Agriculture—products: wheat, corn, barley, sugar beets, olives, tomatoes, wine, tobacco, potatoes; meat, dairy products

total value: $9.8 billion (f.o.b., 1997 est.)
commodities: manufactured goods 53%, foodstuffs 34%, fuels 5% (1994)
partners: EU 60% (Germany 22%, Italy 14%, France 6%, UK 6%), US 3% (1995)

total value: $27 billion (c.i.f., 1997 est.)
commodities: manufactured goods 72%, foodstuffs 15%, fuels 10% (1994)
partners: EU 70% (Italy 18%, Germany 16%, France 8%, UK 6%) US 4% (1995)

Debt—external: $33 billion (1997 est.)

Economic aid:
recipient: EU, $5.4 billion (1997 est.)

Currency: 1 drachma (Dr) = 100 lepta

Exchange rates: drachmae (Dr) per US$1—286.99 (January 1998), 273.06 (1997), 240.71 (1996), 231.66 (1995), 242.60 (1994), 229.26 (1993)

Fiscal year: calendar year


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Telephones: 5,571,293 (1993 est.)

Telephone system: adequate, modern networks reach all areas; microwave radio relay carries most traffic; extensive open-wire network; submarine cables to off-shore islands
domestic: microwave radio relay, open wire, and submarine cable
international: tropospheric scatter; 8 submarine cables; satellite earth stations - 2 Intelsat (1 Atlantic Ocean and 1 Indian Ocean), 1 Eutelsat, and 1 Inmarsat (Indian Ocean Region)

Radio broadcast stations: AM 29, FM 17 (repeaters 20), shortwave 0

Radios: NA

Television broadcast stations: 361 (1987 est.)

Televisions: 2.3 million (1993 est.)


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total: 2,474 km
standard gauge: 1,565 km 1.435-m gauge (36 km electrified; 100 km double track)
narrow gauge: 887 km 1.000-m gauge; 22 km 0.750-m gauge (a rack type railway for steep grades)

total: 117,000 km
paved: 107,406 km (including 470 km of expressways)
unpaved: 9,594 km (1996 est.)

Waterways: 80 km; system consists of three coastal canals; including the Corinth Canal (6 km) which crosses the Isthmus of Corinth connecting the Gulf of Corinth with the Saronic Gulf and shortens the sea voyage from the Adriatic to Peiraiefs (Piraeus) by 325 km; and three unconnected rivers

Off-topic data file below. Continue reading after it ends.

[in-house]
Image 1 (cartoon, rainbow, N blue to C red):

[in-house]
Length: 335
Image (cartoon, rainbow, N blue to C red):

Pipelines: crude oil 26 km; petroleum products 547 km

Ports and harbors: Alexandroupolis, Elefsis, Irakleion (Crete), Kavala, Kerkyira, Chalkis, Igoumenitsa, Lavrion, Patrai, Peiraiefs (Piraeus), Thessaloniki, Volos

Merchant marine:
total: 875 ships (1,000 GRT or over) totaling 25,264,916 GRT/45,188,813 DWT
ships by type: bulk 354, cargo 74, chemical tanker 22, combination bulk 13, combination ore/oil 15, container 43, liquefied gas tanker 4, multi-function large load carrier 1, oil tanker 229, passenger 14, passenger-cargo 2, refrigerated cargo 4, roll-on/roll-off cargo 18, short-sea passenger 79, specialized tanker 3
note: Greece owns an additional 1,898 ships (1,000 GRT or over) totaling 69,697,820 DWT operating under the registries of The Bahamas, Belize, Cayman Islands, Cyprus, Liberia, Malta, Panama, Philippines, Saint Vincent and the Grenadines, Singapore, Syria, Vanuatu (1997 est.)

Airports: 78 (1997 est.)

Airports—with paved runways:
total: 63
over 3,047 m: 5
2,438 to 3,047 m: 16
1,524 to 2,437 m: 16
914 to 1,523 m: 17
under 914 m: 9 (1997 est.)

Airports—with unpaved runways:
total: 15
1,524 to 2,437 m: 1
914 to 1,523 m: 3
under 914 m: 11 (1997 est.)

Heliports: 2 (1997 est.)